Deadly heat waves damaged wheat harvests and depleted electricity supplies, prompting India to halt wheat exports at a time when the world was grappling with a grain deficit due to Russia’s conflict in Ukraine.

India has to import pricey coal to keep the lights on because of the sudden increase in demand for electricity to power cooling appliances. To prepare for a potential spike in demand this summer, the government has requested power plants to import the fuel once more.

Apart from this, India may continue to have dramatic differences in rainfall, with some areas experiencing tremendous downpours while others are experiencing droughts. That would imply that there might be significant fluctuations from one place to another even if the average rainfall stayed normal. This year, the El Nino weather pattern is also possible.

El Nino, which occurs when the equatorial Pacific surface warms and triggers a reaction in the atmosphere above it, often brings dry weather to Asia and Australia.

Extreme weather events have significant implications for agriculture, which employs a significant portion of the Indian population. Erratic rainfall patterns, prolonged droughts, and intense floods can adversely affect crop production, leading to reduced yields, crop failures, and financial hardships for farmers.

What Are Extreme Weather Events?


According to a study conducted by researchers at the Indian Institute of Technology, Gandhinagar, the frequency of extreme weather events are expected to increase significantly in the future as a result of climate change.
Here are their various categories in brief:

Lightning and storms: Storms include dust storms, hailstorms, thunderstorms, gales (very strong winds), and dust storms.

Heavy rains, floods, and landslides: Heavy rains are classified when 64.5 to 115.5 mm of rain falls in 24 hours. Very heavy rainfall is 115.6-204.4 mm, and extremely heavy rainfall is 204.5 or greater. Floods and landslides are consequences of such downpours.

Heatwave: This is when temperatures rise above average climatological values. In the Indian context, the above-mentioned report measured temperatures ranging from 4.5 to 6.4°C above the normal maximum temperature. Severe heat waves are when the temperature exceeds the normal maximum by more than 6.4°C.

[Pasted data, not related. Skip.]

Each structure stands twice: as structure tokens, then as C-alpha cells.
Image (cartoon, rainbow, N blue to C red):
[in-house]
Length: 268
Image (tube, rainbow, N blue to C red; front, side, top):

Cold day/coldwave: A cold day is when the normal minimum and maximum temperatures are lower by 4.5 to 6.4°C from the average. Beyond that range is counted as a severely cold day. If this continues over several days, it’s known as a cold wave.

Snowfall: This hydrological danger affects transit, crops, and people. IMD’s Annual Disaster Weather Report lists India’s snowfall deaths. The report I mentioned earlier only analysed fatal snowfall events.

Cloudburst: When a localised area receives 100 mm of rain per hour with lightning and powerful winds, it’s known as a cloudburst.

Cyclones: These are intense atmospheric vortexes or whirls with powerful winds spinning around them in an anti-clockwise direction in the Northern Hemisphere and clockwise in the Southern Hemisphere.

It’s essential to remember that climate change doesn’t cause extreme weather events. They have always existed. So saying any particular hurricane or flood is caused by climate change is wrong. However, the changes in the world’s climate throw our atmosphere into an imbalance, and the frequency of extreme weather events goes up. It’s a fine but important line.

Financial Loss

According to the Climate Transparency Report 2022 created by a global collaboration of groups, the nation’s exposure to heat resulted in the loss of 167 billion potential labour hours between 1990 and 1999, a 39% increase. The report says, India’s service, manufacturing, agricultural, and construction sectors lost $159 billion in revenue in 2021, or 5.4% of its gross domestic product, as a result of the extreme heat.

If the worldwide average temperature rises by 1.5°C, it is anticipated that India’s labour productivity will fall by 5% from the 1986–2006 reference period. If global temperatures rise by 2.5°C, the reduction in worker productivity will be 2.1 times greater, and 2.7 times greater in a 3°C scenario.

Between 2016–2021, extreme events such as cyclones, flash floods, floods, and landslides caused damage to crops in over 36 million hectares, a $3.75 billion loss for farmers in the country, the report said. At 1.5°C of warming, the country’s yearly damage from river floods is anticipated to rise by about 49%. Cyclone damage is expected to rise by 5.7%.

In the past 30 years, India’s rainfall pattern has shifted, having an effect on numerous economic sectors like forestry, agriculture, and fisheries. “When compared to the precipitation levels during the reference era, snowfall in India is anticipated to decline under the 1.5°C scenario by 13%. According to the analysis, the reduction is anticipated to be 2.4 times greater under a 3°C warming scenario.

Alternatives Are Only Hope

Climate change is spurring research to secure new sources of energy. So let’s tap into where we stand in harnessing renewable energy sources and coming closer to becoming carbon neutral, not only for our health but for the planet’s health as well.

To understand where we are now, we must first look back to the pledges we have made and how we have progressed.

India sent the United Nations its new Nationally Determined Contributions (NDC) in August 2022. This was ten months after PM Modi announced India’s five goals to eliminate all carbon emissions by 2070. These goals, called Panchamrit, or “five nectars,” set a timeline for India to reach a net-zero economy.